On 2 March 1983, the British defendants in No. 82-3362 successfully petitioned Justice Parker of the High Court of Justice to grant a second interim injunction against Laker preventing Laker from taking "any further steps" to prosecute its United States claim against the British airlines. Although the injunction was only designed to preserve the status quo pending a ruling by the High Court of Justice on the merits of the British airlines' suit seeking dismissal of No. 82-3362, the injunction prevented Laker from filing any discovery or other motions against British Airways and British Caledonian.
At a hearing held five days later, Laker's motion for a preliminary injunction against the four American defendants, KLM, and Sabena was considered by the United States District Court. By order
KLM Royal Dutch Airlines and Sabena Belgian World Airlines, joined by amici curiae Swissair and Lufthansa, now appeal the 7 March 1983 order and 9 March 1983 memorandum of the district court which enjoined KLM and Sabena from seeking an injunction against Laker's antitrust suit in the English courts. However, during the pendency of this appeal, the process of litigation and counterlitigation has continued in the United States and English courts.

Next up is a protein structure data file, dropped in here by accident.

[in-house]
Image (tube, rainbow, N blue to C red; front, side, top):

On 29 March 1983, Justice Parker vacated his 2 March 1983 injunction against Laker's prosecution of its antitrust suit against the foreign defendants in No. 83-3362. This interim injunction was then reinstated pending appeal.
In April and May 1983 Laker continued its efforts to proceed in its United States antitrust actions while defending itself against the proceedings in the High Court of Justice which were designed to terminate its United States claims. On 26 April 1983 Laker issued a summons in the High Court of Justice seeking a dismissal or stay of the suits initiated by Lufthansa and Swissair. Laker also moved in the High Court of Justice for a discharge of the injunction granted on 21 January 1983. In a motion for partial summary judgment filed in the United States District Court, Laker affirmatively challenged the defendants' contentions that the action should be dismissed on forum non conveniens grounds. By an opinion and order dated 3 May 1983 the district court granted Laker's motion and held that the principles of forum non conveniens did not require that jurisdiction be relinquished.